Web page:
Background: In our institution, computed tomography (CT)-guided percutaneous cryoablation has been performed in patients with malignant lung tumors under local anesthesia. This study aimed to examine the feasibility and safety of percutaneous cryoablation for the treatment of malignant lung tumors. Methods: From July 2002 to December 2016, 227 patients (56 with primary lung cancer and 171 with metastatic lung tumor) underwent percutaneous cryoablation for the treatment of malignant lung tumors using a cryosurgical unit at our institution. Demographic factors, duration of post-treatment hospitalization, and adverse event and mortality rates were retrospectively investigated in 366 treatment sessions targeting 609 lesions. Results: The median diameter of the targeted tumor was 1.3 cm. All the cryoablation procedures were completed under local anesthesia, and the median duration of post-treatment hospitalization was two days. Adverse events (grade 2 or higher) were observed in 79 sessions (21.6%), with pneumothorax being the most common. In five sessions (1.4%), patients had grade 3 adverse events. There was no 30-day mortality; however, there were two 60-day mortality (0.5%) due to acute exacerbation of interstitial pneumonia. In multivariate analysis, independent predictors of adverse events were comorbid interstitial pneumonia [odds ratio (OR) =2.20; 95% confidence interval (CI): 1.04–4.64] and no history of pulmonary resection on the treated side (OR =3.04; 95% CI: 1.65–5.62). Conclusions: Cryoablation is a feasible and safe treatment for malignant lung tumors with acceptable adverse event rates. However, the mortality risk in patients with comorbid interstitial pneumonia should be fully recognized.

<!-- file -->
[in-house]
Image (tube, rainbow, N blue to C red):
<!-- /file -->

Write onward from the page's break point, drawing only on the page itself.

|Number of pages||12|
|Journal||Journal of Thoracic Disease|
|Publication status||Published - 2022 Nov|
- Lung cancer
ASJC Scopus subject areas
- Pulmonary and Respiratory Medicine